Wherever I have gone, I always tried to immerse myself in local tradition.
During one of the trips we visited beautiful sacred bridge (神桥) standing at the entrance to Nikko ‘s shrines and temples (东照宫). The bridge is ranked as one of Japan’s three finest bridges together with Iwakuni ‘s Kintaikyo and Saruhashi in Yamanashi Prefecture.
The bridge looked stunning within the peak of autumn.
At that night we stayed at a hotel nearby with one of the features of Japanese traditional living styles – tatami.
Here is some information about tatami: it is a type of mat used as a flooring material in traditional Japanese-style rooms. Traditionally made using rice straw to form the core, the cores of contemporary tatami are sometimes composed of compressed wood chip boards or polystyrene foam. With a covering of woven soft rush straw, tatami are made in standard sizes, with the length exactly twice the width, an aspect ratio of 2:1. Usually, on the long sides, they have edging of brocade or plain cloth, although some tatami have no edging.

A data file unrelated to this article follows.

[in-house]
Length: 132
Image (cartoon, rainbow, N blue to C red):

This was the tatami in the room we stayed, the mattresses were laid on a wood board. They were quite warm and comfortable, together with the setting of soft lightening, which gave me an imagination of close ties among family members in old style Japanese living.
Another distinct feature of Japanese living styles is to dry washed clothes by hanging them on the clothesline outside.
They believe that sunlight can eliminate the virus and bacteria. Even though I think it is true, it will take forever to dry the clothes if I hang them outside in the middle of Minnesota winter.
I always felt great after experiencing new lifestyles from other culture even if they are so different from ours.
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